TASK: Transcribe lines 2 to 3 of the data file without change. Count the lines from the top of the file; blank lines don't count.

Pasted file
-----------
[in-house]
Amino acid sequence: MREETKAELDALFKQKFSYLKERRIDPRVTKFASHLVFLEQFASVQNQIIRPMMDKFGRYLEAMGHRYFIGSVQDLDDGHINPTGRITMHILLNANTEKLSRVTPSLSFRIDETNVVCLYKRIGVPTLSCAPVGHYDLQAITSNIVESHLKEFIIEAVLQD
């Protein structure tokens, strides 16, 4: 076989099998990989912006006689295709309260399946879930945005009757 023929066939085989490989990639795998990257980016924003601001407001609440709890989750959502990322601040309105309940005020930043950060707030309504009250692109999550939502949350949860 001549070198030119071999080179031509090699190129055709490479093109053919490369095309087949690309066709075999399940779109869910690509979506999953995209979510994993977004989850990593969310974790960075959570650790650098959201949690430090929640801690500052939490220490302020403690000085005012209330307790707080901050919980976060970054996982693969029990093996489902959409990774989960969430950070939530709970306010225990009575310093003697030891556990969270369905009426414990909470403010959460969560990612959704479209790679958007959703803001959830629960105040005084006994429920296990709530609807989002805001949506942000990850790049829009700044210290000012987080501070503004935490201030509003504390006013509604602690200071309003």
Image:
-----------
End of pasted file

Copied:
Amino acid sequence: MREETKAELDALFKQKFSYLKERRIDPRVTKFASHLVFLEQFASVQNQIIRPMMDKFGRYLEAMGHRYFIGSVQDLDDGHINPTGRITMHILLNANTEKLSRVTPSLSFRIDETNVVCLYKRIGVPTLSCAPVGHYDLQAITSNIVESHLKEFIIEAVLQD
């Protein structure tokens, strides 16, 4: 076989099998990989912006006689295709309260399946879930945005009757 023929066939085989490989990639795998990257980016924003601001407001609440709890989750959502990322601040309105309940005020930043950060707030309504009250692109999550939502949350949860 001549070198030119071999080179031509090699190129055709490479093109053919490369095309087949690309066709075999399940779109869910690509979506999953995209979510994993977004989850990593969310974790960075959570650790650098959201949690430090929640801690500052939490220490302020403690000085005012209330307790707080901050919980976060970054996982693969029990093996489902959409990774989960969430950070939530709970306010225990009575310093003697030891556990969270369905009426414990909470403010959460969560990612959704479209790679958007959703803001959830629960105040005084006994429920296990709530609807989002805001949506942000990850790049829009700044210290000012987080501070503004935490201030509003504390006013509604602690200071309003």